Oil prices steadied Monday after sliding before the weekend as the dollar strengthened in the wake of robust jobs data in the United States, the world's biggest consumer of crude.
US benchmark West Texas Intermediate (WTI) for delivery in April rose 16 cents to $49.77 a barrel.
Brent North Sea crude for April fell 25 cents to stand at $59.48 a barrel in midday deals.
WTI had shed $1.15 and Brent crude dropped 75 cents on Friday.
"As the US dollar continues to rally today, the demand for oil will fall and it is hard to see any respite to the oil market at the moment," David Lennox, resource analyst at financial group Fat Prophets, told AFP.
A stronger greenback makes dollar-priced oil more expensive for buyers using weaker currencies, denting demand.
Despite bad winter weather, the world's largest economy added 295,000 jobs in February and the unemployment rate fell to 5.5 percent, the lowest level since May 2008, official data showed on Friday.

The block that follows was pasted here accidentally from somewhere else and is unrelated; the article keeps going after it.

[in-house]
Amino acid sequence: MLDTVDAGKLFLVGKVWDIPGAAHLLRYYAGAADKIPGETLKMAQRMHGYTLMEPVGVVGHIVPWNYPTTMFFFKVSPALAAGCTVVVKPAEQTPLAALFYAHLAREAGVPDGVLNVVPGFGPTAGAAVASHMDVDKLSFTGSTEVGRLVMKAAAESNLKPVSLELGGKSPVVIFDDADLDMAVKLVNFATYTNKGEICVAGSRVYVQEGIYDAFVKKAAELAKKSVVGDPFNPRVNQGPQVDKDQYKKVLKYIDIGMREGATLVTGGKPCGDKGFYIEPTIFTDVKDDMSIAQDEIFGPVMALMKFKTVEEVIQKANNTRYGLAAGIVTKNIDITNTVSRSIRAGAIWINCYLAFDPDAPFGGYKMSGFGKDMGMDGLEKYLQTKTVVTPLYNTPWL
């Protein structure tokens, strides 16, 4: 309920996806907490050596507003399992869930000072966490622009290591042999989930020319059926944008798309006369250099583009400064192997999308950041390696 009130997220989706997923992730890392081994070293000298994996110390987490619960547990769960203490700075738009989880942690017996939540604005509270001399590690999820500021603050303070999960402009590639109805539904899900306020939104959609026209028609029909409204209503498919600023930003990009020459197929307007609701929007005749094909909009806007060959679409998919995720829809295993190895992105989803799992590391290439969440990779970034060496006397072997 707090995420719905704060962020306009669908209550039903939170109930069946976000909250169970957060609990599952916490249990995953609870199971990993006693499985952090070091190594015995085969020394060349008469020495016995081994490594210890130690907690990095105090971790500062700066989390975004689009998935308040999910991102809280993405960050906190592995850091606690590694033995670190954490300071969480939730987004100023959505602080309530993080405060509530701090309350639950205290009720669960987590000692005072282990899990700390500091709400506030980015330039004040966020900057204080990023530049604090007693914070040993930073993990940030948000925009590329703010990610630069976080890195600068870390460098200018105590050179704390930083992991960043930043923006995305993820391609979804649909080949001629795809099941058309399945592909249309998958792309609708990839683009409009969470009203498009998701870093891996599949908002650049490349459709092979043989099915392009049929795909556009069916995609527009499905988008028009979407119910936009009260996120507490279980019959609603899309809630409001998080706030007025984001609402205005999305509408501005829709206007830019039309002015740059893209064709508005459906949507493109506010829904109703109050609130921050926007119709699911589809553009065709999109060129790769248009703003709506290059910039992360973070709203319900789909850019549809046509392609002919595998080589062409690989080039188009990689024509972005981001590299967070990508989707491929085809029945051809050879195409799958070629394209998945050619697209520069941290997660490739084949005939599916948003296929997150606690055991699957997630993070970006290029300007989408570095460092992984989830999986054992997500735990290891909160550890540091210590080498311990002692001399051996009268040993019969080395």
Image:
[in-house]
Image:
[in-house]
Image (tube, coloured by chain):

Lennox said downward pressure came also from US inventories standing at record high levels, adding to flush global supplies.
The US Department of Energy last week said commercial crude inventories jumped 10.3 million barrels in the week February 27, reaching a record high for the fifth consecutive weak.
Crude prices lost about 60 percent of their value to about $40 between June and late January owing to an oversupply in world markets, a weak global economy and a strong dollar.